Gotta Test 'Em All: Pokemon Go and Load Testing
Noga Cohen of BlazeMeter talks about Pokemon Go and shares three problems company's face with load testing, as well as three solutions.
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Load testing is an essential part of every new release and the continuous delivery process. In this blog post, we explore three ways you can prepare for traffic spikes and deal with crashes. Just like Pokemon GO players, you gotta test ‘em all!
Pokemon GO—the real life version of Pokemon that has people searching for animated creatures on the streets, in parks, and in restaurants—was released last week in the US, Australia and New Zealand.
But the exciting game (sorry—real life battle) that has been taking over the world has not been able to meet users’ demands and heavy loads. Niantic, Pokemon GO’s creators, has paused international rollout due to server issues that have been going on for a few days. Issues include users unable to log into the game or unable to battle Pokemons.
Crashes to sites, apps, and native apps like Pokemon Go can result in customer frustration and loss of sales. But with proper preparation before launching and by creating solutions for crashes if they happen, organizations can avoid having to Tweet that service is delayed.
Here are three common problems and solutions that can ensure your performance testing won’t let you down.
Problem 1: Underestimating the Anticipated Load
None of us are in the fortune-telling business, and therefore we can never predict the number of visitors our app or site will have. Maybe our app will answer such a need in people’s lives that it will catch on stronger than expected. Maybe users will stay on our app or website longer than expected. Maybe our business promotion was marketed especially well. Maybe your competitor’s site crashed. Either way, unanticipated traffic spikes can happen.
Solution: Stress and Soak Test to the Limit
We recommend you know your capacity limit, whether it’s a network bandwidth issue, memory, a CPU, or connection pools. Identifying your bottleneck allows you to find what is causing the problems and how to fix them. So don’t settle for successful testing or theoretical formulas. Keep increasing the load and run stress tests and soak tests until you hit a problem, so you know what to fix. Constantly running load tests is a crucial part of the continuous integration (CI) process, but reaching the limit is especially important before big releases, so your application meets users’ expectations.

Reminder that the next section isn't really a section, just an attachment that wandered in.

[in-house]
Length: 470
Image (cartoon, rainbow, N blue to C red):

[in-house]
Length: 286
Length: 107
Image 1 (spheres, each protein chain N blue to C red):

Problem 2: Failing to Recover Quickly from Technical Problems
Crashes can happen, even to the strongest Pokemon. But power outages and technical failures don’t have to ruin your entire sales day or your service.
Solution: Set Up Backup Servers and Locations
Backup servers and locations can help you recover quickly. If you set up a database replication, database failover cluster, or application failover cluster, you can switch to them immediately when there is a problem. This enables you to keep providing service while resolving issues and fixing problems. We recommend you have a plan in advance and make sure DevOps know what to do when a problem occurs.
Problem 3: Overlooking End User Performance
The complementary action for testing server performance, is testing end user performance. Sometimes end user issues might not appear during load tests. For example, slow loading might not show as a response time bottleneck.
Solution: Track the End User Actions and Performance
We recommend you integrate user performance in your backend testing. Your web page can be manually analyzed for bottlenecks through tools like Firebug or HTTP waterfall charts, which show how long it takes to load each content piece.
Published at DZone with permission of Noga Cohen, DZone MVB. See the original article here.
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